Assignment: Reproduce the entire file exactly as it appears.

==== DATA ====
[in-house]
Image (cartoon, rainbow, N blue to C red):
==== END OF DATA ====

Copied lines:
[in-house]
Image (cartoon, rainbow, N blue to C red):